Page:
During a week when most stocks were trending lower, the Sanne Group (LSE:SNN) share price was shooting higher. To be more exact, the FTSE 250 stock jumped 21% on Friday. Jumps like this usually catch my eye, as something significant must have happened. Given that it was a sizeable move in a positive direction, this leads me to think that it could be a worthy investment. But before I get ahead of myself, I need to investigate further.
What is Sanne Group?
Sanne Group is a provider of fiduciary services to financial companies. Although it falls under the category of asset management, it’s not an asset manager for retail clients like me. Rather, it provides administrative and other asset management services to alternative investors. These include private equity companies, hedge funds and private debt businesses.
The company had over £465bn of assets under management as of the release of the 2020 annual report. Sanne can make money either from servicing current funds better (leading to higher inflows), or if a client launches a new fund. It charges fees for the services it provides on the assets, so there’s a correlation between higher revenue and higher assets.
Why did the Sanne Group share price jump?
There was one reason for the large jump in the Sanne Group share price on Friday. The company announced that it was rejecting an offer from Cinven to be bought out.
A rejection of an offer might initially seem a negative thing. However, it shows that the management team has confidence in the current trajectory of the company.
What was interesting about the offer from Cinven (a private equity firm), was the offer price of 830p. For much of the past year, the Sanne Group share price was trading around the 600p mark. It did register highs around 700p last August, but nowhere near 830p. It’s around 720p as I write, down slightly on Monday.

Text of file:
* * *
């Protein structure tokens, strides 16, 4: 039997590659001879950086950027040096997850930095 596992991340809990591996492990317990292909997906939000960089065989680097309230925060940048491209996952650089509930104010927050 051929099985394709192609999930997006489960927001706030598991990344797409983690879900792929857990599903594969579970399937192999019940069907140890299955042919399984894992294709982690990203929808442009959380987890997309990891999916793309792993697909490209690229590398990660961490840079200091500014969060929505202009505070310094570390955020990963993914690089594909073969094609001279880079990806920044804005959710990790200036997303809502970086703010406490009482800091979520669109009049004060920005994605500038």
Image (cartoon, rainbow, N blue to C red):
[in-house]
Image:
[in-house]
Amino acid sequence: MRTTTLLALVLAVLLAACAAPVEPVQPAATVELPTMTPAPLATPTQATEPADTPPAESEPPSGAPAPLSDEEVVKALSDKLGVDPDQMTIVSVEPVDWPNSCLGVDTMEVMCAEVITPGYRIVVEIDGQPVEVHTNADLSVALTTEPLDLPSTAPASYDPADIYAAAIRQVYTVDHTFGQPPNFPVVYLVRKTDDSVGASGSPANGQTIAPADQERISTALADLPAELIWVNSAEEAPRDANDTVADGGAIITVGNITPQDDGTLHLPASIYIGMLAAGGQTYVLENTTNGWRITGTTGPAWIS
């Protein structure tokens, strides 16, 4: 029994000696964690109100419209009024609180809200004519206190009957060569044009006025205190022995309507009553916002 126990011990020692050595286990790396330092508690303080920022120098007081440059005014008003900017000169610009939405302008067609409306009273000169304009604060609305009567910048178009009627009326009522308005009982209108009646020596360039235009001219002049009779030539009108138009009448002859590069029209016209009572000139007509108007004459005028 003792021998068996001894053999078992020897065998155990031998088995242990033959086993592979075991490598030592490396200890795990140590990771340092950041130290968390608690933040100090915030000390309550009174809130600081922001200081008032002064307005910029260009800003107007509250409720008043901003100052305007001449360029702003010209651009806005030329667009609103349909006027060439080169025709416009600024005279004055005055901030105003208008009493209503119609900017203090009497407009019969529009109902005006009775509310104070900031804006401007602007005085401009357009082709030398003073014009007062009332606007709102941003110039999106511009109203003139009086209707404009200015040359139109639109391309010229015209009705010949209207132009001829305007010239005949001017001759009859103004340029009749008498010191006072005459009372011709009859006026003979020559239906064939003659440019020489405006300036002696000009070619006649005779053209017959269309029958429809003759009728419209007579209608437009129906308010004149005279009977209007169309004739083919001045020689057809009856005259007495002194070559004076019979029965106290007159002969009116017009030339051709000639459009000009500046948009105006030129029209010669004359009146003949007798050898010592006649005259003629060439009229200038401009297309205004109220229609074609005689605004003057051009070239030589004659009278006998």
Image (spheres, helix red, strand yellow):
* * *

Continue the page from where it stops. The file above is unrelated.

Clearly, Cinven feels the company is worth 830p, hence the offer. So naturally the share price jumped as investors could see a clear divide between the current price and the Cinven valuation.
Could the price jump further?
Cinven has until June 11 to make another offer, based on the rules around these matters. I think this is another reason why the Sanne Group share price has jumped. If I believed Cinven would make another higher offer, then I could make a profit here. If the offer gets accepted and the company gets taken private, I’d receive the payment at the offer price.
So there’s a possibility of making a profit from buying now and then selling if and when a deal is agreed. But I’m an investor, not a trader and believe buying for that reason alone is risky. You see, if Cinven doesn’t offer more, then Sanne Group could be back to where it was initially.
So would I invest in it as a long-term play? The company is profitable (with a pre-tax profit of £20.5m last year) so I think it can survive on its own. Yet the share price may fall back to the previous range if future results don’t match the outlook potential buyers had put on it. Either way, it’s too much of a gamble for me. I won’t be buying the shares.
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jonathansmith1 has no position in any of the shares mentioned. The Motley Fool UK has no position in any of the shares mentioned. Views expressed on the companies mentioned in this article are those of the writer and therefore may differ from the official recommendations we make in our subscription services such as Share Advisor, Hidden Winners and Pro. Here at The Motley Fool we believe that considering a diverse range of insights makes us better investors.